Experiencing negative emotions like sadness, anger, fear is a universal and unavoidable part of being alive. However, there are times when these feelings become overwhelming, making it harder to feel enthusiastic, confident, and kind toward yourself or others. Many people who engage in substance abuse do so in an attempt to get rid of these hard feelings and make life seem happier and easier to manage.
However, these mood-lifting effects are temporary, and can bring additional problems when they fade away. Sobriety can offer opportunities to learn how to really deal with hard feelings, rather than ignoring them or pushing them down further. When hard feelings come up, here are some tools you can use to not let them get in the way of thriving in recovery.
Focus on Now
When unpleasant, frustrating, or disappointing things happen, an emotional reaction is completely normal, and a part of being human. It can even lead to positive change. For example, feeling a small amount of guilt if you were inconsiderate to a friend can help you think about ways to reconcile or be kinder in the future.
The problem comes when the brain blows things out of proportion. Regret about the past, anxiety about the future, or any other hard feeling can get stuck in our minds, as we ruminate unwanted thoughts over and over, until they take over and become bigger than they really are. That single event where you wish you could do over again gets linked with other times where you were embarrassed or imperfect, until you feel helpless against a flood of hard feelings. Single events get universalized in statements like “I’ll always…” or “I’ll never…”
Bringing you attention to the present moment gets your brain out of endless regret, bringing feelings down to a manageable level. Focusing your attention on breath or the environment around you, talking through stressful situations with supportive friends, and making time for relaxation and taking care of yourself can be effective ways to stop your mind from endlessly running through hard emotions again and again.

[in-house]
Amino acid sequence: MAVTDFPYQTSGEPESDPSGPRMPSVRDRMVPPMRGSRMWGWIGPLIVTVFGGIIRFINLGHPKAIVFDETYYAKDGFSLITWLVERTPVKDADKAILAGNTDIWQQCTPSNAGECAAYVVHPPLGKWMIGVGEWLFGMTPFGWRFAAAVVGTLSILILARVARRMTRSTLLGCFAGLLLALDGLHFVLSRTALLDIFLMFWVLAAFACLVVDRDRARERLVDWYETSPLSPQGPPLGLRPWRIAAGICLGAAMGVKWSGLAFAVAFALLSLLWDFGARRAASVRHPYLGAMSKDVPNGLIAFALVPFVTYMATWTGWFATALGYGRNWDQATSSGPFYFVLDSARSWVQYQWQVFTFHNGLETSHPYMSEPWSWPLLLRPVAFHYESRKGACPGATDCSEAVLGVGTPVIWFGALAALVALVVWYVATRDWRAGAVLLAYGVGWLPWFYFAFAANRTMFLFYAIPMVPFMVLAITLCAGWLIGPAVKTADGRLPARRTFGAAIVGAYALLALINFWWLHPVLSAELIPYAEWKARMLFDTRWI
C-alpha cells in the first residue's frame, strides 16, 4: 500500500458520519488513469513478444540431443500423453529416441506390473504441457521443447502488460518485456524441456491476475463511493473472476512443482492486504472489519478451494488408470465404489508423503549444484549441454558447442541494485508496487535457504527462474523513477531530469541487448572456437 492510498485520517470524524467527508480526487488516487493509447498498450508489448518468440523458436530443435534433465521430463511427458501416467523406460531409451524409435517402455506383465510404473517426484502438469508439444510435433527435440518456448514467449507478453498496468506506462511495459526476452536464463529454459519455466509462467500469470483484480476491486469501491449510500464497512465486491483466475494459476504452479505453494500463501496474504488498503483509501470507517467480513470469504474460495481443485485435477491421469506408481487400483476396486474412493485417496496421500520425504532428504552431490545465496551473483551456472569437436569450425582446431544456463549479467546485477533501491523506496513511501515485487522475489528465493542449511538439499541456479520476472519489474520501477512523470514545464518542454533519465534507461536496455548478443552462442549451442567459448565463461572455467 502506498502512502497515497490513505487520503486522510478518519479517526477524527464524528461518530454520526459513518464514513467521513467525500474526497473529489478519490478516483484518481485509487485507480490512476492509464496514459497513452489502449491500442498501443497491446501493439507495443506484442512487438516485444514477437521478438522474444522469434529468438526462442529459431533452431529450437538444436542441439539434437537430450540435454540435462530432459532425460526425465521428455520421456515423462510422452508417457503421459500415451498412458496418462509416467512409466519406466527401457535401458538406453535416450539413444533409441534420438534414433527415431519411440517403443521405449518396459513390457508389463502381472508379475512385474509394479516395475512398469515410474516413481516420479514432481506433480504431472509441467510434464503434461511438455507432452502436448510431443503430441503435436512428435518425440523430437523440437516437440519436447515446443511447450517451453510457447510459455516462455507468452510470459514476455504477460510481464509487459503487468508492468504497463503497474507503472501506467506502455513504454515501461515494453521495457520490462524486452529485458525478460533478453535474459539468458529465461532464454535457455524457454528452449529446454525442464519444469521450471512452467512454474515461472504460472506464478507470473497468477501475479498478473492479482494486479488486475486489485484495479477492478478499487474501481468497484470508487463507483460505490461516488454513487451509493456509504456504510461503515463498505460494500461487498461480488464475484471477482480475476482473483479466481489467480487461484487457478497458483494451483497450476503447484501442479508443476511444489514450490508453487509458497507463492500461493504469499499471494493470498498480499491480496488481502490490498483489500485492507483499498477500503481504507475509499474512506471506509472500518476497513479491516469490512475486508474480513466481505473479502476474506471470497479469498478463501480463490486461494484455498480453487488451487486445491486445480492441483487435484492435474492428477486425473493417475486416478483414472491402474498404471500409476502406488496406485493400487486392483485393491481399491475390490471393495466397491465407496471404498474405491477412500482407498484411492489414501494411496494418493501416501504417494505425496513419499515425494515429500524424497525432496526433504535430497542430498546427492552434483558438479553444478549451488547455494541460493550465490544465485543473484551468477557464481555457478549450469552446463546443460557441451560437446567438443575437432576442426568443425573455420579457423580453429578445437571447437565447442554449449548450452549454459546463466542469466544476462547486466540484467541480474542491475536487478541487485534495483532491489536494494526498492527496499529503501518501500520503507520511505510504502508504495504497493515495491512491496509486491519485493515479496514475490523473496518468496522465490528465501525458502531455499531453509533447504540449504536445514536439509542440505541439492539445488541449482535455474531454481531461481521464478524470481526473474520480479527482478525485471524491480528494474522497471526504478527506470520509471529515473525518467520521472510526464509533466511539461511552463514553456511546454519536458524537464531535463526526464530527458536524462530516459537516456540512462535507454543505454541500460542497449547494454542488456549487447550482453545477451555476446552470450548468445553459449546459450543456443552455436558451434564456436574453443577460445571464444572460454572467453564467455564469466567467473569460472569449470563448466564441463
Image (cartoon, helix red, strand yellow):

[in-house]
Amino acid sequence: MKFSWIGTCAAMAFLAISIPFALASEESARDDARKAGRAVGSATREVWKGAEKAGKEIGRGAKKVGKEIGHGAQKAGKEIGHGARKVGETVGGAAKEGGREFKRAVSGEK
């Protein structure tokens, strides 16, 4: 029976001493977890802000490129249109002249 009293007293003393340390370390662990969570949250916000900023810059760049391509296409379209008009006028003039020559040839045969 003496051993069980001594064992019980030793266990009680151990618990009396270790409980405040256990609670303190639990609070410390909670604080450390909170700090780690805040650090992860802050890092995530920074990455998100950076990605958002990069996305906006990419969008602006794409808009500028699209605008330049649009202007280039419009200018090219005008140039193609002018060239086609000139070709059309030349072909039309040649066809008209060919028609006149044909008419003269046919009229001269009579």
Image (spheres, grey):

Make time for the positive
The human brain has evolved a survival tactic called the “negativity bias,” that gives more attention to potential threats than to times of safety. In times when survival is threatened, it makes sense to avoid all dangers possible. If you are unsure of whether something in your path is a snake or a stick, it’s smart to assume it’s a dangerous snake and avoid it.
This negativity bias becomes less helpful when it causes you to focus only on what seems to cause fear, sadness, or anger, at the expense of what is positive, safe, or encouraging in your surroundings. Most people notice that their minds do not spend as much time focusing on all the times when they feel successful and competent as single time where they made a mistake.
For this reason, positive experiences, encouragements, and things to be grateful for sometimes need an extra boost to get the mental attention they deserve. Each day, take time to do something enjoyable and spend time savoring and fully appreciating the experience. At the end of each day, you can reflect on things that went well. Even in the midst of negative emotions, you can still try to focus on good elements of your life. These practices can strengthen your ability to notice the good, as well as the difficult feelings and experiences in your life.
RAIN Your Way to Peace
Negative emotions need to be paid attention to. Endlessly distracting yourself to try to keep unpleasant thoughts or feelings away is exhausting, and only makes them come back stronger than ever. Thus, it is important to find time to express and reflect upon any hard feeling you encounter.
The acronym RAIN is commonly given to a thought exercise that can be a helpful way to reflect upon a negative emotion in a way that helps you understand it’s true meaning, and avoid feeling overwhelmed. The four steps are
Recognition – Pay attention what you are feeling, and give a name to your experience.
Acknowledgement – For a moment, simple let yourself feel that feeling, to rest in it.
Investigation – Pay attention to what you are feeling, and what underlying causes may be at play
Non-identification– Put the feeling in it’s place, by recognizing that this one experience is not everything you are, and that you can do things to help yourself feel better and be in control.
Negative emotions can be a difficult thing to deal with, but they do not have to control you. With these steps, you can discover ways to handle your emotions and learn from them, but also exercise power over them. It might take extended practice, and the help of a therapist and supportive community, but you can learn to manage your emotions and make them part of a full and thriving life.